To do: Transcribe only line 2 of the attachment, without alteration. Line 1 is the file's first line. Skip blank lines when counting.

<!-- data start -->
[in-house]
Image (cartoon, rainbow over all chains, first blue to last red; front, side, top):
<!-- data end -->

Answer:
Image (cartoon, rainbow over all chains, first blue to last red; front, side, top):